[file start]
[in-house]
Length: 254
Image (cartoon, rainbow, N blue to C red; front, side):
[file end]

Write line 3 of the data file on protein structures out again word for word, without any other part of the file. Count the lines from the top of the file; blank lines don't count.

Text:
Image (cartoon, rainbow, N blue to C red; front, side):